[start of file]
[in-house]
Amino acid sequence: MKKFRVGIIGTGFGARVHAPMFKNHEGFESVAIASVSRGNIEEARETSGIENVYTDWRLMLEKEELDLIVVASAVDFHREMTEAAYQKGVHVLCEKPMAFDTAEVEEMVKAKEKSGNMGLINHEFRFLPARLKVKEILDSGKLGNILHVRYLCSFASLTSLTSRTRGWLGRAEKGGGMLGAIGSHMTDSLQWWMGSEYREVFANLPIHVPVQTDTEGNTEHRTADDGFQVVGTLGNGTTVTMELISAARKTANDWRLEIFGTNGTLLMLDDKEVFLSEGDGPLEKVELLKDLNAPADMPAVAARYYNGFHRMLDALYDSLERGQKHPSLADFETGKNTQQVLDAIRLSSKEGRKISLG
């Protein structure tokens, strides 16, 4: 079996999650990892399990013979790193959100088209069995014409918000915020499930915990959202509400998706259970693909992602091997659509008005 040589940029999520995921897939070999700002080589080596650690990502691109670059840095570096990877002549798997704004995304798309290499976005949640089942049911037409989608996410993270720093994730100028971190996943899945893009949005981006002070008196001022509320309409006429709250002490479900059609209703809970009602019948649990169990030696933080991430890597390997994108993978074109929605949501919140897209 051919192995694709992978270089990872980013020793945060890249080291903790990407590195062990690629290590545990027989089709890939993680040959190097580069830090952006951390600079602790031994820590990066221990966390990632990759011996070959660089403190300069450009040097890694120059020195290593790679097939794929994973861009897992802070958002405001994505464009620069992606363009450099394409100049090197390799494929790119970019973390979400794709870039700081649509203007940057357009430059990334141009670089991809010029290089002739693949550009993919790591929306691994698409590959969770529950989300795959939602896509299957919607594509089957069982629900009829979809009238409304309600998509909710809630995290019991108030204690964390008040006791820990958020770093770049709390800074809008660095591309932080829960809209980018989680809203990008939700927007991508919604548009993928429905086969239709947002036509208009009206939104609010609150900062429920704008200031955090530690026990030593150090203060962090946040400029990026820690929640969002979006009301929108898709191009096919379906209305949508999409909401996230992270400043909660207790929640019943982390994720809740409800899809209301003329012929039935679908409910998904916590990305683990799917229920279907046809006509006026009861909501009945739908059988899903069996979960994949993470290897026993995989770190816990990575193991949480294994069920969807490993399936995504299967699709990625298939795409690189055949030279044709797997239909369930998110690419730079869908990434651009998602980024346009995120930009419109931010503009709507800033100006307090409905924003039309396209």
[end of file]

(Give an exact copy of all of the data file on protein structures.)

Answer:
[in-house]
Amino acid sequence: MKKFRVGIIGTGFGARVHAPMFKNHEGFESVAIASVSRGNIEEARETSGIENVYTDWRLMLEKEELDLIVVASAVDFHREMTEAAYQKGVHVLCEKPMAFDTAEVEEMVKAKEKSGNMGLINHEFRFLPARLKVKEILDSGKLGNILHVRYLCSFASLTSLTSRTRGWLGRAEKGGGMLGAIGSHMTDSLQWWMGSEYREVFANLPIHVPVQTDTEGNTEHRTADDGFQVVGTLGNGTTVTMELISAARKTANDWRLEIFGTNGTLLMLDDKEVFLSEGDGPLEKVELLKDLNAPADMPAVAARYYNGFHRMLDALYDSLERGQKHPSLADFETGKNTQQVLDAIRLSSKEGRKISLG
């Protein structure tokens, strides 16, 4: 079996999650990892399990013979790193959100088209069995014409918000915020499930915990959202509400998706259970693909992602091997659509008005 040589940029999520995921897939070999700002080589080596650690990502691109670059840095570096990877002549798997704004995304798309290499976005949640089942049911037409989608996410993270720093994730100028971190996943899945893009949005981006002070008196001022509320309409006429709250002490479900059609209703809970009602019948649990169990030696933080991430890597390997994108993978074109929605949501919140897209 051919192995694709992978270089990872980013020793945060890249080291903790990407590195062990690629290590545990027989089709890939993680040959190097580069830090952006951390600079602790031994820590990066221990966390990632990759011996070959660089403190300069450009040097890694120059020195290593790679097939794929994973861009897992802070958002405001994505464009620069992606363009450099394409100049090197390799494929790119970019973390979400794709870039700081649509203007940057357009430059990334141009670089991809010029290089002739693949550009993919790591929306691994698409590959969770529950989300795959939602896509299957919607594509089957069982629900009829979809009238409304309600998509909710809630995290019991108030204690964390008040006791820990958020770093770049709390800074809008660095591309932080829960809209980018989680809203990008939700927007991508919604548009993928429905086969239709947002036509208009009206939104609010609150900062429920704008200031955090530690026990030593150090203060962090946040400029990026820690929640969002979006009301929108898709191009096919379906209305949508999409909401996230992270400043909660207790929640019943982390994720809740409800899809209301003329012929039935679908409910998904916590990305683990799917229920279907046809006509006026009861909501009945739908059988899903069996979960994949993470290897026993995989770190816990990575193991949480294994069920969807490993399936995504299967699709990625298939795409690189055949030279044709797997239909369930998110690419730079869908990434651009998602980024346009995120930009419109931010503009709507800033100006307090409905924003039309396209």